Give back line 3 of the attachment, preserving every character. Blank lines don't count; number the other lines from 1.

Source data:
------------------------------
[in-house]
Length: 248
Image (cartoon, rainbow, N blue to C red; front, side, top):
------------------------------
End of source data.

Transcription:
Image (cartoon, rainbow, N blue to C red; front, side, top):